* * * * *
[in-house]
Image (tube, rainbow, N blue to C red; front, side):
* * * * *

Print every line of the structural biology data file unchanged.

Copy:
[in-house]
Image (tube, rainbow, N blue to C red; front, side):